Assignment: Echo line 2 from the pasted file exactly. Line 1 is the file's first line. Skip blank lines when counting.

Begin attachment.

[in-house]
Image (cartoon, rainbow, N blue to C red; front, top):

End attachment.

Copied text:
Image (cartoon, rainbow, N blue to C red; front, top):